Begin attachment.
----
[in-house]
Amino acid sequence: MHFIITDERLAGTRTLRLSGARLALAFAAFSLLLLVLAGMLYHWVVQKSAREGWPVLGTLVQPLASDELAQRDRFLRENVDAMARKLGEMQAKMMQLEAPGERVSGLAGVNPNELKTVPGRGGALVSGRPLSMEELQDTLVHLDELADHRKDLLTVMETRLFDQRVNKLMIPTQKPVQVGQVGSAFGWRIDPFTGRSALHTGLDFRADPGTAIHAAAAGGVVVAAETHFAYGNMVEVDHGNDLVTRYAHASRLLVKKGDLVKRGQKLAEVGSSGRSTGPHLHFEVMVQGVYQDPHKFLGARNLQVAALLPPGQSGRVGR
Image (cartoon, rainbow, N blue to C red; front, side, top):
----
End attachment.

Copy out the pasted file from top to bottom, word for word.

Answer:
[in-house]
Amino acid sequence: MHFIITDERLAGTRTLRLSGARLALAFAAFSLLLLVLAGMLYHWVVQKSAREGWPVLGTLVQPLASDELAQRDRFLRENVDAMARKLGEMQAKMMQLEAPGERVSGLAGVNPNELKTVPGRGGALVSGRPLSMEELQDTLVHLDELADHRKDLLTVMETRLFDQRVNKLMIPTQKPVQVGQVGSAFGWRIDPFTGRSALHTGLDFRADPGTAIHAAAAGGVVVAAETHFAYGNMVEVDHGNDLVTRYAHASRLLVKKGDLVKRGQKLAEVGSSGRSTGPHLHFEVMVQGVYQDPHKFLGARNLQVAALLPPGQSGRVGR
Image (cartoon, rainbow, N blue to C red; front, side, top):